Aesthetics are important and aesthetics come down to personal opinion and taste. The looks do their job, but they aren't a huge selling point. The silver trim isn't the best; I would prefer something darker, like black maybe. I think the silver is overused and I think Samsung could've done some more work on the physical design of it.
Samsung have the hard task of making their tablets physically attractive to drag customers away from the tablet with a fruit logo on the back of it. Once you're over that, you're going to turn the Tab 8.9 4G over and see that it's white. The white, at first glance, feels out of place. But, Samsung have done some stylish things on the back, where the top of the unit itself (where the camera is placed) has a silver trim, whilst the rest of the rear of the Tab 8.9 4G is white.
[From top to bottom: Samsung Galaxy S II, Galaxy Note, Galaxy Tab 8.9 4G and Apple MacBook Pro 17-inch 2011 Edition]
Samsung's Galaxy Tab 8.9 sports an 8.9-inch screen with a resolution of 1280x800, which means that Samsung didn't compromise on screen resolution when dropping down from the Tab 10.1 and it's slightly bigger screen with the same resolution. The resolution lets you throw a bunch of widgets and icons onto the screen and measuring in at just 8.9 inches, it doesn't feel cramped thanks to the resolution bump.
The Tab 8.9's size also makes it easier to hold it in landscape and type with two hands, without your hands feeling like they're going to stretch apart and break. I don't have the biggest hands, I'd go as far as saying I have average-sized hands. The Tab 8.9 feels comfortable in landscape, for typing or gaming, which is another benefit of its 8.9-inch size versus the 10.1-inch of most slates.
So what do we have here? We have something that feels great to hold in a single hand, with a screen that also matches the feeling of the weight. It seems Samsung really wins in these departments and after a while of use, I'm sure you'll agree, too.
There are a few downsides to the Tab 8.9, the first of which is it doesn't feature an SD card slot, meaning that whatever sized flavor you purchased it in, is it. Unlike the company's smartphones, there's no way to throw in a microSD card and expand that storage up by 16, 32 or 64GB.
One of the smaller annoyances was that Samsung have decided to opt for a proprietary connector to charge the device. I really don't like this at all, especially when their Galaxy smartphones sport normal microUSB connectors. microUSB connectors are a perfect way of doing things, as a user can have more than one device, but have the same cable charge them. This means you can just have a handful of the same cables and use the same cable and power adapter to charge them all. Samsung's decision to use a proprietary cable on their Galaxy Tab 8.9 (and other Tab's) is just weird and I sincerely hope they flip this decision around when it comes to future Tab's.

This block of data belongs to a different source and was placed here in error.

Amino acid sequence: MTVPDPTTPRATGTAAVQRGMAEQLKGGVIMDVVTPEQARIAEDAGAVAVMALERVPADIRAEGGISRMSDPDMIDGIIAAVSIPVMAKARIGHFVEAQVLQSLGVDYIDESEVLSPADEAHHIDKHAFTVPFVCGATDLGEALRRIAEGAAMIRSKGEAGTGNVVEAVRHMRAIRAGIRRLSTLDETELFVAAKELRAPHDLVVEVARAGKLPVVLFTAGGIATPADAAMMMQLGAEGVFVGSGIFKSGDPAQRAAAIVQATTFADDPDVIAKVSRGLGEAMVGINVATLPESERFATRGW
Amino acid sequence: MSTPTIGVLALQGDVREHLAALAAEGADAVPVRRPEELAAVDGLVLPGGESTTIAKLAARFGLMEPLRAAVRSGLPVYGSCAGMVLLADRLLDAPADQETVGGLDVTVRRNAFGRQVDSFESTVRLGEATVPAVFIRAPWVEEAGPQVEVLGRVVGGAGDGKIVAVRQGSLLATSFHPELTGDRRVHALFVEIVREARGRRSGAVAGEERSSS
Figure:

There's no HDMI, unfortunately, which means you won't be hooking up the Tab 8.9 to your TV or monitor for big-screen gaming or showing off some pictures or video. Not that this is a selling point, but Samsung want and need to stand out from the iPad's shadow. These types of things are great selling points at the retail level, especially since most people looking to buy a Tab 8.9 most likely have a big-screen TV at home or at least a PC monitor with an HDMI connection.
Ok, so we've talked about the Galaxy Tab 8.9 4G in its smaller details, but let's hit the feature set, shall we? The Galaxy Tab 8.9 4G's stand out feature is mentioned within its name, the 4G connectivity. Telstra are a big partner of Samsung, who have worked together and released the device on Telstra's 4G network. The Tab 8.9 4G I received had a Telstra 4G SIM card installed, which means I got to mess around with some seriously fast Internet access.
4G download speeds will really only help in the downloading of large files, with most websites not really benefitting from the huge leap in speeds. So, please, if you're looking at buying this device because you think the entire Internet is going to get an injection of speed, think again.
There are not many other specific features that the Tab 8.9 4G has over the competition of Android-based tablets, as it's still stuck with Honeycomb. I couldn't download or run Google's Chrome browser, as that is an ICS-exclusive, which is such a pity as it's the only browser I use. But, Google do bake in some Googleified (if it's not a word, it is now) features into Honeycomb's browser. It almost felt like a pre-Chrome browser, which wasn't as bad as I originally thought it was going to be.
Gaming with the Tab 8.9 is exactly what you'd expect from an 8.9-inch tablet, great. It's not as great as the Retina-powered third-gen iPad, but it does its job. It gets a bit warm on the back after a while of gaming, but holding a tablet for extended periods of time gets tiring anyway, so its not something you should have to be too worried about.
I've taken a few snaps with the Tab 8.9's 3MP rear-facing camera and while it's not the best camera, it'll do. Using a tablet as a camera is not something you'd want to do, because firstly you look like a weirdo and secondly, it's too big to really justify itself as a camera. Smartphones are much better at this job, in my opinion.
I've also taken a video to show the quality of the rear cameras video recording ability. The video loses a fair amount of its color and quality, but again, it's good enough to take a video if that's what you'd like to do with the Tab 8.9. I think the video quality is subpar to my expectations of this tablet. I expected more and would've liked to have seen Samsung throw an 8-megapixel camera into this thing for some Full HD (1920x1080p) recording.